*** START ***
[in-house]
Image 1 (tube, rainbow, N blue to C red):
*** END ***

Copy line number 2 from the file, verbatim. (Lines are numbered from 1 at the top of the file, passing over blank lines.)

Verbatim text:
Image 1 (tube, rainbow, N blue to C red):